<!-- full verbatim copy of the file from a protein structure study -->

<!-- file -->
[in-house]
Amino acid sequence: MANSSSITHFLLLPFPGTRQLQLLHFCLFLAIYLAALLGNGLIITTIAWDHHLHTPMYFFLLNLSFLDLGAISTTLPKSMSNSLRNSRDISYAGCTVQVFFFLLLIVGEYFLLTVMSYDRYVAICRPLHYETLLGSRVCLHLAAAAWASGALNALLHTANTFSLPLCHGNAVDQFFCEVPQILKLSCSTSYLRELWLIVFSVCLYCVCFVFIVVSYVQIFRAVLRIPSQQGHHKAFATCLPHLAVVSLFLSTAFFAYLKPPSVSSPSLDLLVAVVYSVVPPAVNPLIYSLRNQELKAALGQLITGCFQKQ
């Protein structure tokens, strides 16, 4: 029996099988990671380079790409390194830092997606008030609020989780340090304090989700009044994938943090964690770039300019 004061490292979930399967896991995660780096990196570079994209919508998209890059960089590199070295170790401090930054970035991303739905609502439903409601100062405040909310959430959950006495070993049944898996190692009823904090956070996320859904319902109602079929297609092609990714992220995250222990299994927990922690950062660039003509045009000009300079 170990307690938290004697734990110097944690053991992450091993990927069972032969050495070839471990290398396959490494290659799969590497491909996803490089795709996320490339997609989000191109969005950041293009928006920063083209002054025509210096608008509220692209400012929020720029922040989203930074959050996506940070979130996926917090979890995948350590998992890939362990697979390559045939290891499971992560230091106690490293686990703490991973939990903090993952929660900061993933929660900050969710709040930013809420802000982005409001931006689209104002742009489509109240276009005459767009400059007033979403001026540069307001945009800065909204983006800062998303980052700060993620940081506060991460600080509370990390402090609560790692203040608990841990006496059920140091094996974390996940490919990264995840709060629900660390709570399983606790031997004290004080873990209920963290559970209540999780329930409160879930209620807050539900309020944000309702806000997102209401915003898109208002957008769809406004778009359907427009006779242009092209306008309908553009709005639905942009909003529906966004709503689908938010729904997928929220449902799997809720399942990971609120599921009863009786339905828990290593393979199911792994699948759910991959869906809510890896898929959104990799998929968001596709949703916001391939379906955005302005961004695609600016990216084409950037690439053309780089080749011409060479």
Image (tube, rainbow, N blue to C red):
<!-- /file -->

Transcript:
[in-house]
Amino acid sequence: MANSSSITHFLLLPFPGTRQLQLLHFCLFLAIYLAALLGNGLIITTIAWDHHLHTPMYFFLLNLSFLDLGAISTTLPKSMSNSLRNSRDISYAGCTVQVFFFLLLIVGEYFLLTVMSYDRYVAICRPLHYETLLGSRVCLHLAAAAWASGALNALLHTANTFSLPLCHGNAVDQFFCEVPQILKLSCSTSYLRELWLIVFSVCLYCVCFVFIVVSYVQIFRAVLRIPSQQGHHKAFATCLPHLAVVSLFLSTAFFAYLKPPSVSSPSLDLLVAVVYSVVPPAVNPLIYSLRNQELKAALGQLITGCFQKQ
């Protein structure tokens, strides 16, 4: 029996099988990671380079790409390194830092997606008030609020989780340090304090989700009044994938943090964690770039300019 004061490292979930399967896991995660780096990196570079994209919508998209890059960089590199070295170790401090930054970035991303739905609502439903409601100062405040909310959430959950006495070993049944898996190692009823904090956070996320859904319902109602079929297609092609990714992220995250222990299994927990922690950062660039003509045009000009300079 170990307690938290004697734990110097944690053991992450091993990927069972032969050495070839471990290398396959490494290659799969590497491909996803490089795709996320490339997609989000191109969005950041293009928006920063083209002054025509210096608008509220692209400012929020720029922040989203930074959050996506940070979130996926917090979890995948350590998992890939362990697979390559045939290891499971992560230091106690490293686990703490991973939990903090993952929660900061993933929660900050969710709040930013809420802000982005409001931006689209104002742009489509109240276009005459767009400059007033979403001026540069307001945009800065909204983006800062998303980052700060993620940081506060991460600080509370990390402090609560790692203040608990841990006496059920140091094996974390996940490919990264995840709060629900660390709570399983606790031997004290004080873990209920963290559970209540999780329930409160879930209620807050539900309020944000309702806000997102209401915003898109208002957008769809406004778009359907427009006779242009092209306008309908553009709005639905942009909003529906966004709503689908938010729904997928929220449902799997809720399942990971609120599921009863009786339905828990290593393979199911792994699948759910991959869906809510890896898929959104990799998929968001596709949703916001391939379906955005302005961004695609600016990216084409950037690439053309780089080749011409060479």
Image (tube, rainbow, N blue to C red):